Fracking Industry Driving Massive Boom in Plastic Production
Ignoring a shocking carbon footprint, a broken global recycling system, and ever-growing public outcry, the fossil and petrochemical industries are banking big on plastics, pouring billions into new production facilities as a hedge against the coming crash of the internal combustion engine.
“Although plastic is often seen as a separate issue from climate change, both its production and afterlife are in fact major sources of greenhouse gas emissions,” writes Yale Environment 360. Those emissions accrue at nearly every stage in the plastic life cycle.
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“Global emissions linked to plastic—now just under 900 million tons of carbon dioxide equivalent annually—could by 2030 reach 1.3 billion tons, as much as almost 300 coal-fired power plants,” e360 reports, citing data from the U.S. Center for International Environmental Law (CIEL). “If output grows as planned, plastic would use up between 10 and 13% of the carbon emissions allowable if warming is to stay below 1.5°C.”
Already, the world is literally awash in plastics, thanks both to gargantuan levels of production and a recycling system that never really worked.
“China’s closing of its doors to foreign plastic waste in 2018 laid bare the inadequacy of global recycling systems, leaving many wealthy nations with mountains of waste,” observes e360.
Over-produced and often with no discernable value beyond first use, plastic waste is devastating ecosystems around the world. In a recent report on the growing public backlash against plastics, InsideClimate News writes of plastic particles being “found in the stomachs of the deepest known marine animals, nearly seven miles below the surface of the sea”; of the wind depositing “as much microplastic per square metre in a secluded area high in the Pyrenees Mountains…as researchers would expect in the city of Paris”; and of a necropsy on the body of a young Cuvier’s beaked whale that revealed a stomach filled with “88 pounds of plastic, including plastic bags from grocery stores.”
And then there are the myriad impacts on public health that can be clearly linked to the plastics industry. “The average American now ingests more than 70,000 particles of microplastics per year, according to a study in the American Chemical Society journal Environmental Science & Technology,” InsideClimate writes.
As much harm as plastics wreak in their waste stage, the real trouble begins much earlier. The petrochemical process that produces plastic “can release airborne toxins such as 1,3-butadiene, benzene, and toluene, causing cancer and other illnesses,” reports e360, adding that fires at petrochemical plants—which can be common events—can spread such toxins widely on the wind. Compounding the harm to poor and, especially, Black communities, which often see the worst effects of environmental damage, “many plants are in poor areas, often communities of colour.”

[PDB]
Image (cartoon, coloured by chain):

As to “the fracking connection,” e360 writes, a combination of low natural gas prices and stockpiles of ethane—a fracking byproduct, and a critical feedstock for plastics—is creating a boom of producers such as ExxonMobil, Saudi Aramco, and Shell, all eager to make what money they can by selling the ethane to plastic makers—and betting the global appetite for plastics will keep the sinking ship of fossils afloat.
“Petrochemicals, the category that includes plastic, now account for 14% of oil use, and are expected to drive half of oil demand growth between now and 2050,” writes e360, citing the International Energy Agency (IEA).
“You can think of plastic as a kind of subsidy for fracking,” said CIEL staff attorney Steven Feit.
The need to stop this plastic onslaught is urgent. “We’re pretty close to it all being too late,” said Beyond Plastics founder Judith Enck, a former regional director for the U.S. Environmental Protection Agency. “If even a quarter of these ethane cracking facilities are built, it’s locking us into a plastic future that is going to be hard to recover from.”
The petrochemical industry, for its part, argues that plastics are a necessary part of modern life—and may even have some environmental benefits. Keith Christman, managing director of plastic markets at the American Chemistry Council, told e360 that plastic makes “cars lighter and therefore more efficient, insulates homes, reduces waste by extending food’s life, and keeps medical supplies sanitary,” adding that “the key here is context. If you aren’t going to use plastics, what are you going to use instead?”
Pennsylvania, meanwhile, has persuaded Shell to build a US$6-billion ethane cracking plant “that is expected to produce up 1.6 million tons of plastic annually after it opens in the early 2020s,” writes e360. The lure? A $1.6 billion tax break, “one of the biggest in state history”.